Hang on to your hats — Mother Nature is playing some tricks us on us this winter. Despite Punxsutawney Phil seeing his shadow, indicating a prolonged winter, it’s been practically balmy in Central Oregon.

And that’s tricked your plants and trees into thinking it’s time to grow, as they reach for the sun and hope for some much needed water.

“We are seeing a lot of winter desiccation or winter injury to the evergreens and conifers in Central Oregon. This is where there’s a loss of water through leaf transpiration. Winter sun and winds dry the needles,” said Amy Jo Detweiler, associate professor at Oregon State University Extension Service in Redmond. “The trees come out of their dormancy and need water, but they can’t access water because the ground is still frozen.”

If you’re looking out into your yard right now, Detweiler said, you’re probably noticing your conifer needles and broadleaf evergreens, such as manzanita, are looking quite brown or reddish in color. You may even think they’re dead. But Detweiler cautions not to take out the trees just yet, because odds are good they may come back.

“This conifer is promising, because the tips are still green,” explains Detweiler, examining a young pine tree at the Deschutes County Fairgrounds. “What people need to do is look for the terminal bud, and pop it back, if it’s still green in there, and there’s some resin, it’s still viable.”

Detweiler said she’s been fielding dozens of calls lately from gardeners who are distressed about their “dying trees.” This winter’s unusual temperatures, especially this last period of mild temperatures, is what causes the most injury to plants, she said.

“The winter injury is not generally caused by a cold, snowy winter, but by extreme weather and temperature fluctuations, like this long period of 50- to 60-degree weather. The trees are transpiring and need water, but can’t get it,” Detweiler said. “If you can hand water your trees or plants during the warmer winter weather, this will help.”

Detweiler says the non-native conifers are more vulnerable to winter desiccation, but as she says this, she looks toward a grove of native Western Juniper trees that also show yellowing and browning, and says this native species is also experiencing injury this winter.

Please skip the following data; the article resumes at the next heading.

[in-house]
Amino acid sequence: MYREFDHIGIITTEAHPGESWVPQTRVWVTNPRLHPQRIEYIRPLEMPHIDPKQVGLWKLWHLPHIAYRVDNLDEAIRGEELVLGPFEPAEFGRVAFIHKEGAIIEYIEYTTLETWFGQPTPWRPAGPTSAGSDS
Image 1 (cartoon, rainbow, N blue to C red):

The extended autumn we experienced meant most trees were already drought stressed before winter really hit.

“The other problem we have in the High Desert is our soil is very sandy, so the soil doesn’t hold the water very well,” Detweiler said. “The strong winds we had, combined with the long fall, really dries out and stresses the trees. There’s just not enough moisture when we have these 60-degree days in the winter.”

The mild weather can cause some trees to resume growth, making them more vulnerable to injury from another probable snowstorm this spring. Detweiler says to help protect your trees you can wrap them loosely in burlap.

Other tree damage you may see on your maple trees, aspens or white pine in this mild winter is called sunscald.

“This happens to trees on the south side of the trunk,” Detweiler said. “You’ve probably seen the bark darken and become rough, eventually it cracks and falls away.”

Central Oregon is not alone in seeing this winter desiccation; Detweiler said the entire West Coast is having this problem, as the trees are being stressed.

“It really has been the perfect storm for these trees. We had the long fall, prolonged winds and now this warm winter weather,” Detweiler said with a sigh, as she mentioned what this could portend for the fire season this summer. “It’s looking pretty grim throughout the Western United States.”

Still, Detweiler cautions, if you have any doubt about your tree, wait it out.

“It won’t look good, and the needles may be falling out for a while, but by spring you should start seeing some green again.”

— Reporter: halpen1@aol.com